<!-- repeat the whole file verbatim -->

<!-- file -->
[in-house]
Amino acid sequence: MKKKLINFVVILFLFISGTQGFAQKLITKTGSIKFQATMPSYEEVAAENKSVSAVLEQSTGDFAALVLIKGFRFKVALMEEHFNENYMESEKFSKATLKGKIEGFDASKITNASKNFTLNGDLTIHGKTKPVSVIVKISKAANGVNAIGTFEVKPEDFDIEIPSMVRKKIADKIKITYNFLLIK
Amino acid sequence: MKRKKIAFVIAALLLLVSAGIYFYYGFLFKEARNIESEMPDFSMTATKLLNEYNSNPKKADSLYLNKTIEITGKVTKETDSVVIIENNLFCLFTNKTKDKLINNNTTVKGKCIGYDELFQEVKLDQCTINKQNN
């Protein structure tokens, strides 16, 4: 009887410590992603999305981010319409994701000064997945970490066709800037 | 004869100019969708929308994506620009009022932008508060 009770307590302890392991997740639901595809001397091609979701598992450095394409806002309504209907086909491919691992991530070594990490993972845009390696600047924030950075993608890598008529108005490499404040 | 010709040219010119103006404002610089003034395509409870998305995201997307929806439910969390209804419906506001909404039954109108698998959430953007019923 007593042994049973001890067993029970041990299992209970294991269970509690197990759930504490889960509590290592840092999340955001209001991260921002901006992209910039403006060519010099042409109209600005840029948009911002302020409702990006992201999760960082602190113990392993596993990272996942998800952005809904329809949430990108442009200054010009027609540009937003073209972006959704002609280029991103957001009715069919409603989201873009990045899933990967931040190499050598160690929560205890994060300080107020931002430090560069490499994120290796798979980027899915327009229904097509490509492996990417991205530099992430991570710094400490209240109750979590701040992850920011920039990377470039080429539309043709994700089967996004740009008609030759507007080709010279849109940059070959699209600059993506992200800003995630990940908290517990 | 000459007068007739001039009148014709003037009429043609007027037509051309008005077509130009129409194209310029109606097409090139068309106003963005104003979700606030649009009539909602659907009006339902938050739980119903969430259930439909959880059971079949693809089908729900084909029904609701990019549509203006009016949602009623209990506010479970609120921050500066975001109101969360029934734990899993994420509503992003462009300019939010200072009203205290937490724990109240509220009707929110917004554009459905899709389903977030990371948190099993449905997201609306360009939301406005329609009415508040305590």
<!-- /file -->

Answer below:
[in-house]
Amino acid sequence: MKKKLINFVVILFLFISGTQGFAQKLITKTGSIKFQATMPSYEEVAAENKSVSAVLEQSTGDFAALVLIKGFRFKVALMEEHFNENYMESEKFSKATLKGKIEGFDASKITNASKNFTLNGDLTIHGKTKPVSVIVKISKAANGVNAIGTFEVKPEDFDIEIPSMVRKKIADKIKITYNFLLIK
Amino acid sequence: MKRKKIAFVIAALLLLVSAGIYFYYGFLFKEARNIESEMPDFSMTATKLLNEYNSNPKKADSLYLNKTIEITGKVTKETDSVVIIENNLFCLFTNKTKDKLINNNTTVKGKCIGYDELFQEVKLDQCTINKQNN
């Protein structure tokens, strides 16, 4: 009887410590992603999305981010319409994701000064997945970490066709800037 | 004869100019969708929308994506620009009022932008508060 009770307590302890392991997740639901595809001397091609979701598992450095394409806002309504209907086909491919691992991530070594990490993972845009390696600047924030950075993608890598008529108005490499404040 | 010709040219010119103006404002610089003034395509409870998305995201997307929806439910969390209804419906506001909404039954109108698998959430953007019923 007593042994049973001890067993029970041990299992209970294991269970509690197990759930504490889960509590290592840092999340955001209001991260921002901006992209910039403006060519010099042409109209600005840029948009911002302020409702990006992201999760960082602190113990392993596993990272996942998800952005809904329809949430990108442009200054010009027609540009937003073209972006959704002609280029991103957001009715069919409603989201873009990045899933990967931040190499050598160690929560205890994060300080107020931002430090560069490499994120290796798979980027899915327009229904097509490509492996990417991205530099992430991570710094400490209240109750979590701040992850920011920039990377470039080429539309043709994700089967996004740009008609030759507007080709010279849109940059070959699209600059993506992200800003995630990940908290517990 | 000459007068007739001039009148014709003037009429043609007027037509051309008005077509130009129409194209310029109606097409090139068309106003963005104003979700606030649009009539909602659907009006339902938050739980119903969430259930439909959880059971079949693809089908729900084909029904609701990019549509203006009016949602009623209990506010479970609120921050500066975001109101969360029934734990899993994420509503992003462009300019939010200072009203205290937490724990109240509220009707929110917004554009459905899709389903977030990371948190099993449905997201609306360009939301406005329609009415508040305590």